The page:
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What Does It Take to Become a Classic City Rollergirl?

In his 1993 paper “The Role of Deliberate Practice in the Acquisition of Expert Performance,” University of Colorado professor K. Anders Ericsson introduced the “10,000 hours” concept, which suggests that a minimum of that much time of practice is necessary to—and we paraphrase—become a total badass at anything.

Sporting mostly borrowed gear and a wide-eyed expression not unlike that of a deer in heavy traffic, a young woman in roller skates cautiously navigates the carpeted area at Fun Galaxy on her way to the rink. The woman, fighting to keep her balance as she folds into the counterclockwise flow of skaters, is about to embark on day two (hour four) of her Classic City Rollergirls Spring Boot Camp training experience.

Yes, Athens is home to a nationally ranked women’s flat-track roller derby team, and has been for a decade. CCRG plays home bouts at the Classic Center downtown and travels throughout the Southeast to battle roller foes. They practice constantly, work out relentlessly, collect bruises and spend tons of time volunteering in the community. The pay is better in prison. Which begs the question: Why?

Tempted to lace up the quads and get fitted for a mouthpiece to find out, Flagpole elected instead to survey a few campers after they finished a series of drills designed to acclimate newbies to the derby routine, which while on the track can be summed up in three bullet points: Bend your knees. Drop your butt. Get low.

“I honestly don’t remember the last time I was on skates,” says 26-year-old first-time boot camper RaeAnne Sturgill, a stay-at-home mom who has admittedly never seen a roller derby bout. “Boot camp is taxing, mentally and physically. Everything I’ve learned goes against what feels natural for my body,” Sturgill reports, and she’s got the bruises to prove it. The campers spend quite a bit of time learning to fall, a process that counselor and second-year CCRG captain Louis Strongarm describes as “a gentle kiss with the ground.”

It’s a true commitment of time and body to become a Classic City Rollergirl. Most campers don’t stick around beyond a handful of practices, and many sign on with little intention beyond having a tourist experience, but they all generally arrive with a positive mindset. “I wanted to reach out, try a new sport and meet some different people outside of my immediate circle,” says UGA wildlife veterinarian Heather Fenton, adding, “Boot camp was great! I am super sore, and glad to be!”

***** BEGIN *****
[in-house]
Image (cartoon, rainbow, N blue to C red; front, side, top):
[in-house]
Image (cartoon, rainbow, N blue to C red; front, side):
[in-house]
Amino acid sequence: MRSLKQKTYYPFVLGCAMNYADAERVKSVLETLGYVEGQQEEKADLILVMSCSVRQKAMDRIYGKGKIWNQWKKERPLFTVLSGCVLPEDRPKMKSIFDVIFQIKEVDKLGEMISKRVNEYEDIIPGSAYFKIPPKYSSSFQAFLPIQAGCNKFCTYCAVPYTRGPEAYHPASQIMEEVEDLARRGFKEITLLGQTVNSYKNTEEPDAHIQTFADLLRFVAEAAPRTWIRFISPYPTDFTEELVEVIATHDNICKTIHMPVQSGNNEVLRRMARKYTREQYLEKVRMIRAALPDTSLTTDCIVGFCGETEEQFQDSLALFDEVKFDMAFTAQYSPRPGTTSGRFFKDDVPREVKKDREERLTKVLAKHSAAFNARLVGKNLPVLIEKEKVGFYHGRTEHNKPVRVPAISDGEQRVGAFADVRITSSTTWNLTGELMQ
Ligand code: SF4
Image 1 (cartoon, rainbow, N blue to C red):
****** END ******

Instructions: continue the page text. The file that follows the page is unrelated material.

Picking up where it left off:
The newbies can take heart knowing that the most savvy and experienced veterans were once standing in the same rental skates. “My first boot camp was fun but brutal, and I put my helmet on backwards,” reminisces longtime blocker Katillac Coupe Devill.

“It’s exciting to meet new and eager skaters, and boot camp gives us an opportunity to revisit the fundamentals and get back to basics,” says Strongarm, who’s skating in her sixth season, before adding with a smile, “It’s fun to relive your first derby memories with some people making theirs.”

The ultimate payout for the hard work and dedication—generally, it takes way less than 10,000 hours (apologies, Professor Ericsson)—is a spot on the 14-person roster and the opportunity to participate in real sanctioned bouts.

Speaking of which, the No. 148-ranked Classic City Rollergirls will be at home squaring off against the No. 137 Tragic City Rollers from Birmingham, AL Saturday. The bout will be pivotal after what has been a difficult start to the young season. The team has battled adversity seemingly from the word “go.” Standout jammer and this season’s high scorer Phat Amy has left the building. (Derby fans can look for her on a Colorado roster in the near future.) Talented veteran blocker Tre Booshay recently broke her leg in practice and is on the injured list for the season.

These frontline losses are especially painful coming on the heels of a tough 214-135 loss in downtown Wilmington, NC against the No. 116 Cape Fear Roller Girls. Cape Fear jumped out to a big first-half lead that proved insurmountable despite a valiant second-half effort.

Looking ahead, CCRG is optimistic, refusing to let one loss set the tone for, much less define, the season. “If we perform how we did in that second half [against Cape Fear] for the rest of our season, we’re going to be in a really good place,” predicts Cirque DuSlay, one of the team’s premier blockers. Strongarm agrees. “If we stay focused on teamwork and trusting each other and competing hard, and if we’re committed to fitness and staying healthy, then we’ll have some fun. We dedicate too much time to roller derby for it not to be fun. If we can manage these things, then wins and rankings and all the other things will take care of themselves.”

As usual, Saturday’s bout will feature stadium food, adult beverages, kitschy roller derby merchandise and family-friendly activities. A portion of ticket proceeds will benefit the Athens Area Humane Society, a donor-supported no-kill nonprofit dedicated to lowering euthanasia rates through rescue, adoption, spay/neuter, education and pet retention programs.